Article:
Pay attention to cultural and religious diversity
Have you ever received an email saying “Happy Holidays” even though you will not actually be celebrating anything? People love to share their happiness with others and sometimes they do not remember that the recipient might not be in the same situation. This is very common in multinational societies, like in Canada, where there are so many different nationalities living and working together.
Lots of companies update their websites when a big celebration approaches to make the site more appealing to visitors. For Christmas and Easter, there are images of Santa Claus and Easter bunnies everywhere… and in their enthusiasm, some forget that not all cultures celebrate these events or that some events are celebrated at different times for certain cultures. Some companies even update their foreign language websites…
It is nice to get an email wishing you all the best for Easter even if you do not celebrate it, but it is very strange to go to a website in your native language and see Easter bunnies everywhere if you do not celebrate Easter.
Why two different Easters?
Easter is a Christian celebration, but not all Christians celebrate Easter at the same time. This year, the Catholic Easter was in March and the Orthodox Easter will be at the end of April. Why this difference? Because of the different calendars used by the churches to calculate the Easter dates.
Orthodox Churches use the Julian calendar named after Julius Caesar. This is usually referred to as the “Old Style” calendar and it was the official calendar from 45 B.C. to 1582 A.D, when it was replaced with the Gregorian calendar. The Gregorian calendar is the official calendar used around the world today.
The Julian calendar was accurate, but it was still not as precise as the Gregorian one. A year was considered to have 365 days and 6 hours instead of 365 days, 5 hours and 46 seconds. This difference may seem insignificant, but because of this difference, one day is lost every 128 years. In 1582, Pope Gregory XIII of the Roman Catholic Church revised the Julian calendar, and so the Easter dates were changed. In time, the Gregorian calendar was adopted all over the world.
Countries with a large Orthodox population are mostly located in Eastern Europe: Bulgaria, Georgia, Greece, Macedonia, Montenegro, Romania, Russia, Serbia, Ukraine, etc.
A few other holidays that are celebrated around the World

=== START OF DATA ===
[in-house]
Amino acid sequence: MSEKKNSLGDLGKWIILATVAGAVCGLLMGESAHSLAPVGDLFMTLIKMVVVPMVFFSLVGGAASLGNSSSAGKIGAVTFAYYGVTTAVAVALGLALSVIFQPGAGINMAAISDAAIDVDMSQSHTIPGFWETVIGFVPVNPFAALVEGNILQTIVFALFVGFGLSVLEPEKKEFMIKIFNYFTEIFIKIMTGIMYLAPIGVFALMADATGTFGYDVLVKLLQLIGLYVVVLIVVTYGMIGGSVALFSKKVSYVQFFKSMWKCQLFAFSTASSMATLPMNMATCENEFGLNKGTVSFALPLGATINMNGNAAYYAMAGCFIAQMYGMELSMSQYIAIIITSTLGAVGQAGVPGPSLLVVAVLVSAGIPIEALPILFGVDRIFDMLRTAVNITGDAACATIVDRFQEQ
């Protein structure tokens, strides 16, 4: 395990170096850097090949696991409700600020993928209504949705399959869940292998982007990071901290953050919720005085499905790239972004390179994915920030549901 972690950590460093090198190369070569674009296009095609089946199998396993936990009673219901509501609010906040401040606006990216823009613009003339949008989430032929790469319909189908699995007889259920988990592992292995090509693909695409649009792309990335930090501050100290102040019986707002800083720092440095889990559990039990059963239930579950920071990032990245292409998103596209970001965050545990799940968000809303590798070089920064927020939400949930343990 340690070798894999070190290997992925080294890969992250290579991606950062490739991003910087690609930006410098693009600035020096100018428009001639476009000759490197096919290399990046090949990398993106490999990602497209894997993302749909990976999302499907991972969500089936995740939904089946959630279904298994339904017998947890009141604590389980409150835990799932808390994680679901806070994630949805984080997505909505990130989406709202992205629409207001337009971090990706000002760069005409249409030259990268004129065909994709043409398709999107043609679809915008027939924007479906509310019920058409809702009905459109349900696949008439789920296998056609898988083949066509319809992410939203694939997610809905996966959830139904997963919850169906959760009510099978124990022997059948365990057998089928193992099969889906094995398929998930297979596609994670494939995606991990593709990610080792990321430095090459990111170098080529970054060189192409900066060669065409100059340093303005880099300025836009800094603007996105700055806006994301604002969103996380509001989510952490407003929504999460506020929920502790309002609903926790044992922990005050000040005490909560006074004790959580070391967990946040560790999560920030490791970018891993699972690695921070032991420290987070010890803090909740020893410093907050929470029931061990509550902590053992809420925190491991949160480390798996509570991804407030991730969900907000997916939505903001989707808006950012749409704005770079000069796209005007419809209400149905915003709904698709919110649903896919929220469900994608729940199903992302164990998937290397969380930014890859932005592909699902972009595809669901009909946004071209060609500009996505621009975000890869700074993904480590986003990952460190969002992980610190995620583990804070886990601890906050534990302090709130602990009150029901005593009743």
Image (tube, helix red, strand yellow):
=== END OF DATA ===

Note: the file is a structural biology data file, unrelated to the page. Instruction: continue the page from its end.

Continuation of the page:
Everyday around the world, someone is celebrating something. Here are only a few of these holidays and their dates in 2008:
- New Year’s Day: January 1st – This is the first day of the year in the Gregorian calendar and it’s celebrated in most countries around the World.
- Eastern Orthodox New Year: January 14 – Most of the Orthodox churches have adopted the Gregorian calendar and celebrate the New Year on January 1st. However, for Orthodox churches of Georgia, Jerusalem, Russia, Macedonia and Serbia, the New Year falls on January 14.
- Chinese New Year: In 2008, the Chinese New Year was on February 7. Next year, the Chinese New Year will be on January 26.
- Vietnamese New Year (Tết Nguyên Đán): Celebrated on the same day as the Chinese New Year.
- Iranian New Year (Norouz): March 20 in 2008 – The traditional Iranian New Year holiday marks the first day of spring.
- Songkran – Thai New Year which is celebrated around April 13.
- Orthodox Easter: April 27, 2008 – Celebrated by all Orthodox churches around the World.
- Ramadam: September 1 to September 30, 2008 – A Muslim religious observance that takes place during the ninth month of the Islamic calendar.
- Rosh Hashanah – commonly referred to as the Jewish New Year: In 2008, this celebration begins at sundown on Monday, September 29 and ends at nightfall on Wednesday October 1.
- Yom Kippur – Day of Atonement: Celebrated ten days after Rosh Hashanah.
- Christmas: December 25 – The holiday that celebrates the birth of Jesus. It is celebrated in most Christian countries.
- Orthodox Christmas: January 7 – Only Russian, Serbian, Macedonian and Georgian Orthodox churches celebrate Christmas in January